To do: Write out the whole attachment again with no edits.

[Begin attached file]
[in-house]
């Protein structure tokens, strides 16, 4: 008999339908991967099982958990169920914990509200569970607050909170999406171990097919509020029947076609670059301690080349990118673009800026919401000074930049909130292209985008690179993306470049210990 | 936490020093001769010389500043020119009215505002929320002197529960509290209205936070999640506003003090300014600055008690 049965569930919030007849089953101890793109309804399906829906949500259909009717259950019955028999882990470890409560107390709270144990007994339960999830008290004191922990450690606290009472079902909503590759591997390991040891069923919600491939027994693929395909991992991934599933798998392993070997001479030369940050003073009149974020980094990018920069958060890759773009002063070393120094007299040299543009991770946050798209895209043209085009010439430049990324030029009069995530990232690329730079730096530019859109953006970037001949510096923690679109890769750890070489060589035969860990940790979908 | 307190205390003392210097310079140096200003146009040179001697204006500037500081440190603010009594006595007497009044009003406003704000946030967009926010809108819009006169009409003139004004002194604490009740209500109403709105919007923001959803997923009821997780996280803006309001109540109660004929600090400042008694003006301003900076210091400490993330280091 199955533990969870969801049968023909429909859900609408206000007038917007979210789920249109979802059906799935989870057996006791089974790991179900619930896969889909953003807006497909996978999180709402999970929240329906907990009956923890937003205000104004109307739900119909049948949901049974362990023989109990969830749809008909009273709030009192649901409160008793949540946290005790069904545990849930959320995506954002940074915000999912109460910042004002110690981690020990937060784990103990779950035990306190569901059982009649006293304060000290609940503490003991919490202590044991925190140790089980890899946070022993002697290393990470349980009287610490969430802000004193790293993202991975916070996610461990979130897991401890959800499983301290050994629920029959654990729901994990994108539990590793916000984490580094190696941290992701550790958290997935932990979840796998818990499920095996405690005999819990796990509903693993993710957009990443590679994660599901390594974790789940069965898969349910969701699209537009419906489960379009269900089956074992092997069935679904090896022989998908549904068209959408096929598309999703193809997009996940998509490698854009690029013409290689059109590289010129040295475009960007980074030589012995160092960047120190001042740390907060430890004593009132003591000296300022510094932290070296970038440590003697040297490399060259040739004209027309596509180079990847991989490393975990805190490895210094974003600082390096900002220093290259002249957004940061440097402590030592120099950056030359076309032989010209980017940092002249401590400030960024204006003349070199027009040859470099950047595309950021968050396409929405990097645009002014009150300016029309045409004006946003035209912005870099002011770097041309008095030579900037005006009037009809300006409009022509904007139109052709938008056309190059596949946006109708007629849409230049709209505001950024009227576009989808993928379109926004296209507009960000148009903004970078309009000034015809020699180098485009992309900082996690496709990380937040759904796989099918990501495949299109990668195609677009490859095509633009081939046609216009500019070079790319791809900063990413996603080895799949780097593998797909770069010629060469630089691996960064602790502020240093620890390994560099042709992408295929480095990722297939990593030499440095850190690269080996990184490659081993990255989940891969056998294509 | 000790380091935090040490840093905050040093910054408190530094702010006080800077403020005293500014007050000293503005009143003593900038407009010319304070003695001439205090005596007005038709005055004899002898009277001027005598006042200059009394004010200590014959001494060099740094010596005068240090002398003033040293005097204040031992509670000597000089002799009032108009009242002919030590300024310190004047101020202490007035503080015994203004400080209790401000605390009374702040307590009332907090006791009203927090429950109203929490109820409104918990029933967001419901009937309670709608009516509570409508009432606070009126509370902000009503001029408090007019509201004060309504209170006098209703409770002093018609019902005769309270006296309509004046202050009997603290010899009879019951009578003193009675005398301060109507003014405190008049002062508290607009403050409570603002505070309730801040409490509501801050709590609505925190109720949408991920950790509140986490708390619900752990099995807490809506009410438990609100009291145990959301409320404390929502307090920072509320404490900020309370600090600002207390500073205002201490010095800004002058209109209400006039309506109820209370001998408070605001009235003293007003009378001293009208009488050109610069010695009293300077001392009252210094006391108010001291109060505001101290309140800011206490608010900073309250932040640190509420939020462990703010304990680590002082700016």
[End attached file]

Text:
[in-house]
């Protein structure tokens, strides 16, 4: 008999339908991967099982958990169920914990509200569970607050909170999406171990097919509020029947076609670059301690080349990118673009800026919401000074930049909130292209985008690179993306470049210990 | 936490020093001769010389500043020119009215505002929320002197529960509290209205936070999640506003003090300014600055008690 049965569930919030007849089953101890793109309804399906829906949500259909009717259950019955028999882990470890409560107390709270144990007994339960999830008290004191922990450690606290009472079902909503590759591997390991040891069923919600491939027994693929395909991992991934599933798998392993070997001479030369940050003073009149974020980094990018920069958060890759773009002063070393120094007299040299543009991770946050798209895209043209085009010439430049990324030029009069995530990232690329730079730096530019859109953006970037001949510096923690679109890769750890070489060589035969860990940790979908 | 307190205390003392210097310079140096200003146009040179001697204006500037500081440190603010009594006595007497009044009003406003704000946030967009926010809108819009006169009409003139004004002194604490009740209500109403709105919007923001959803997923009821997780996280803006309001109540109660004929600090400042008694003006301003900076210091400490993330280091 199955533990969870969801049968023909429909859900609408206000007038917007979210789920249109979802059906799935989870057996006791089974790991179900619930896969889909953003807006497909996978999180709402999970929240329906907990009956923890937003205000104004109307739900119909049948949901049974362990023989109990969830749809008909009273709030009192649901409160008793949540946290005790069904545990849930959320995506954002940074915000999912109460910042004002110690981690020990937060784990103990779950035990306190569901059982009649006293304060000290609940503490003991919490202590044991925190140790089980890899946070022993002697290393990470349980009287610490969430802000004193790293993202991975916070996610461990979130897991401890959800499983301290050994629920029959654990729901994990994108539990590793916000984490580094190696941290992701550790958290997935932990979840796998818990499920095996405690005999819990796990509903693993993710957009990443590679994660599901390594974790789940069965898969349910969701699209537009419906489960379009269900089956074992092997069935679904090896022989998908549904068209959408096929598309999703193809997009996940998509490698854009690029013409290689059109590289010129040295475009960007980074030589012995160092960047120190001042740390907060430890004593009132003591000296300022510094932290070296970038440590003697040297490399060259040739004209027309596509180079990847991989490393975990805190490895210094974003600082390096900002220093290259002249957004940061440097402590030592120099950056030359076309032989010209980017940092002249401590400030960024204006003349070199027009040859470099950047595309950021968050396409929405990097645009002014009150300016029309045409004006946003035209912005870099002011770097041309008095030579900037005006009037009809300006409009022509904007139109052709938008056309190059596949946006109708007629849409230049709209505001950024009227576009989808993928379109926004296209507009960000148009903004970078309009000034015809020699180098485009992309900082996690496709990380937040759904796989099918990501495949299109990668195609677009490859095509633009081939046609216009500019070079790319791809900063990413996603080895799949780097593998797909770069010629060469630089691996960064602790502020240093620890390994560099042709992408295929480095990722297939990593030499440095850190690269080996990184490659081993990255989940891969056998294509 | 000790380091935090040490840093905050040093910054408190530094702010006080800077403020005293500014007050000293503005009143003593900038407009010319304070003695001439205090005596007005038709005055004899002898009277001027005598006042200059009394004010200590014959001494060099740094010596005068240090002398003033040293005097204040031992509670000597000089002799009032108009009242002919030590300024310190004047101020202490007035503080015994203004400080209790401000605390009374702040307590009332907090006791009203927090429950109203929490109820409104918990029933967001419901009937309670709608009516509570409508009432606070009126509370902000009503001029408090007019509201004060309504209170006098209703409770002093018609019902005769309270006296309509004046202050009997603290010899009879019951009578003193009675005398301060109507003014405190008049002062508290607009403050409570603002505070309730801040409490509501801050709590609505925190109720949408991920950790509140986490708390619900752990099995807490809506009410438990609100009291145990959301409320404390929502307090920072509320404490900020309370600090600002207390500073205002201490010095800004002058209109209400006039309506109820209370001998408070605001009235003293007003009378001293009208009488050109610069010695009293300077001392009252210094006391108010001291109060505001101290309140800011206490608010900073309250932040640190509420939020462990703010304990680590002082700016």